Hong Kong authorities raided Next Digital’s headquarters and arrested media tycoon Jimmy Lai on Monday under the pretext of a new controversial national security law enacted by the Chinese government.
The arrest has been viewed as a region-wide crackdown on the autonomous free press which has been at odds with the totalitarian government in Beijing.
In addition to Jimmy Lai’s arrest, pro-democracy activist Agnes Chow-Ting was arrested on charges of inciting ‘succession’ per the national security law.
Far from coincidental, Lai’s Next Digital outlet owns Apple Daily, a publication with a track record of vociferously criticizing the Chinese government for anti-democratic behavior. Lai was not the only individual arrested at Next Digital, two of his sons as well as several company officers were also arrested by authorities.
Following the arrest, Next Digital issued a statement saying “Raiding a news institution is a severe attack on press freedom and should not be tolerated in a civilized society,” further adding “Hong Kong’s press freedom is now hanging by a thread, but our staff will remain fully committed to our duty to defend the freedom of the press.”
Lai’s arrest and the searching of Next Digital has drawn criticism from pro-democracy advocates in Hong Kong as well as major western nations, including the U.K. The British Government has openly condemned the action saying that authorities are using the law to crush any form of dissent.
Secretary of State Mike Pompeo issued a tweet on the arrest saying that he was “deeply disturbed” by Lai’s arrest, claiming it as proof that China has “eviscerated Hong Kong’s freedoms and eroded the rights of its people.”
I’m deeply troubled by reports of the arrest of @JimmyLaiApple under Hong Kong’s draconian National Security Law. Further proof that the CCP has eviscerated Hong Kong’s freedoms and eroded the rights of its people.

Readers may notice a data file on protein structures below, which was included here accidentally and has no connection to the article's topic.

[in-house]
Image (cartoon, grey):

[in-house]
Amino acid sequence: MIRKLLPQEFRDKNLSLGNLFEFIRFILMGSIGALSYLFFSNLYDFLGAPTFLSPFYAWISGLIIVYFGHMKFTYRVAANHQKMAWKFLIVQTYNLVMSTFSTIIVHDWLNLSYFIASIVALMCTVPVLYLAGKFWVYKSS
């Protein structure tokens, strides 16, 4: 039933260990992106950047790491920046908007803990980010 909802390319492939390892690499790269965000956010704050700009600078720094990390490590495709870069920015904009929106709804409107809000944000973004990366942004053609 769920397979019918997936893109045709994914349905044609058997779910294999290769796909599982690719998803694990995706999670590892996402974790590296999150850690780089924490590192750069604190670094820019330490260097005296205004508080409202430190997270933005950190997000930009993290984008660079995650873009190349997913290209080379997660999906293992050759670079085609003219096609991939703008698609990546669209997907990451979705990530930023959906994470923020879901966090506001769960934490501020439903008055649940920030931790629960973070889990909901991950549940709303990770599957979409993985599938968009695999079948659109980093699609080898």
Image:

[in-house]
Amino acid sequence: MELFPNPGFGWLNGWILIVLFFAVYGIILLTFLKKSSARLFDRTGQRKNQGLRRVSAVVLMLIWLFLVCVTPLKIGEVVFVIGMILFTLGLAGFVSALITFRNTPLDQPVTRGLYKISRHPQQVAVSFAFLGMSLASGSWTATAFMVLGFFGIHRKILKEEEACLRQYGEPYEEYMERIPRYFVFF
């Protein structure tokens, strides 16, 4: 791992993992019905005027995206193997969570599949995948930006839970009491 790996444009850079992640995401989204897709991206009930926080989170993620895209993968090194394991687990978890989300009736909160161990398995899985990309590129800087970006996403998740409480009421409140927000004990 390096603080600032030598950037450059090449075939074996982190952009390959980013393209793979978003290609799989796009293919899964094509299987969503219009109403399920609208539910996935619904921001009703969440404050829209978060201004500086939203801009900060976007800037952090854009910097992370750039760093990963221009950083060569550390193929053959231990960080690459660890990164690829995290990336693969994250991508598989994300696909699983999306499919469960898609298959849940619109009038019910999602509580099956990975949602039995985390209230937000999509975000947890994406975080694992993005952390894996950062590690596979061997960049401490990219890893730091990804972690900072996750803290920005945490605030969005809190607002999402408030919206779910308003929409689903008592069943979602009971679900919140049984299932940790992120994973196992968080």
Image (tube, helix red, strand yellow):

— Secretary Pompeo (@SecPompeo) August 10, 2020
On the same day as Lai’s arrest, China issued 11 sanctions against specific individuals in the U.S., including Congress members as retaliation for U.S. sanctions of Hong Kong and mainland Chinese officials.
According to Mark Simon, an aide to Lai and Next Digital executive, the tycoon has been charged for colluding with foreign powers. Over 200 police officers raided Next Digital headquarters, leaving with 25 boxes of ‘evidence’ for processing. It remains unclear as to what authorities were looking for in the raid.
Authorities hand picked 15 media outlets to cover the raid while foreign outlets, including the Associate Press, were barred from covering the story.
The raiding of Next Digital HQ marks a long line of nefarious behavior on the part of the Chinese government.
Just last week, officials in the Chinese city of Rugao raided China-based Saleen Automotive, seizing intellectual property and arresting personnel.
It remains to be seen how the Trump Administration will respond to the raid with tensions already increasing over a potential TikTok ban and sanctions.
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